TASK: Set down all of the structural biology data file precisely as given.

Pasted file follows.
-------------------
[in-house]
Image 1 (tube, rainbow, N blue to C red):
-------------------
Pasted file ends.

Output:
[in-house]
Image 1 (tube, rainbow, N blue to C red):